Gal Oya National Park Some 32 terres­trial mammals have been recorded here. Mugger crocodiles and Indian star tortoises are the dominant reptiles. More than 150 species of birds have also been recorded and include the resident lesser adjutant, spot-billed pelican and red-faced malkoha. The endemic Sri Lankan Lesser Albatross butterfly can also be found in this region.

KUMANA NATIONAL PARK About 255 species of birds have been recorded with regular sightings. The rare black-necked stork, lesser adjutant, Eurasian spoonbill and great thick-knee are breeding inhabitants. The rare yellow-footed green pigeon, greater racket-tailed drongo, Malabar trogon, red-faced malkoha and sirkeer malkoha also migrate here.

LAHUGALA KITULANA NATIONAL PARK The last recorded sighting of knob-billed duck, now thought be extinct in Sri Lanka, was right here. The resident endemics include the red-faced malkoha and the Sri Lanka spurfowl. It is also home to a variety of amphibians including the endemic Atukorale’s dwarf toad (Yala toad), as well as venomous snakes, two species of freshwater turtles and the endemic walking catfish species.

MADURU OYA NATIONAL PARK Home to a number of endemic species of flora and fauna, it is also one of the recorded habitats of the gray slender loris. Its diverse aquatic avifauna includes storks, sea eagles, pelicans and a variety of water birds. Notable forest species include the rare broad-billed roller, white-rumped shama and endemic red-faced malkoha.

PIGEON ISLAND NATIONAL PARK Named after the feral pigeons that have colonised this island, the largest coral reef fauna is dominated by colourful stony coral while random patches of soft coral can also be seen. Juvenile and adult blacktip reef shark visit the shallow coral areas. Hawksbill, green and olive ridley sea turtles are also frequent visitors.

SOMAWATHIYA NATIONAL PARK Along with elephants, jackals, fishing cats, rusty-spotted cats, leopards, porcupines and Indian hares, 75 migrant bird species call this park home. A wide variety of forest birds, raptors and waders are also found here.

TRINCOMALEE Alongside iconic sperm and blue whales, there are Bryde’s whales, Eden’s whales (which are a small form of Bryde’s whales), whale sharks, killer whales, dwarf sperm whales and pygmy sperm whales that also roam the waters. The dolphins that can be seen include the pilot whale, and spotted, common, bottlenose, spinner, striped and white-beaked striped dolphins, as well as false killer whales and Risso’s dolphins.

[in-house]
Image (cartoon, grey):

Gal Oya National Park Located near the Sena­nayake Samudraya, the largest reservoir in Sri Lanka, this park is famous for elephant herds that can be seen all year round. The protected catchment area was established in 1954, and forest, scrub and grassland provide vegetation for its fauna.

Kumana National Park Wintering grounds for large flocks of migratory waterfowl and wading birds, the park is also referred to as Yala East. The Kumbukkan Oya, a vast mangrove swamp, multiple lagoons and tanks sustain the bird life in this park.

Lahugala Kitulana National Park One of the smallest parks in the island, it is an important habitat for Sri Lankan elephants and endemic birds. Classified as a Dry Zone evergreen forest, it provides ample feeding grounds for elephants.


Maduru Oya National Park This sanctuary for wildlife – especially elephants – also includes the immediate catchments for five reservoirs surrounding the park. A vedda community lives within the park boundary at Henanigala.

Pigeon Island National Park Sri Lanka’s other marine national park is situated a kilometre off the coast of Nilaveli and hosts some of the island’s best remaining coral reefs.

Somawathiya National Park One of the four national parks under the Mahaweli River development project, the park is home to many mega herbivores.

Trincomalee An emerging hotspot for whale and dolphin watching, this is one of the best places for sighting these marine mammals.

Compiled by Nicola Jayasundera

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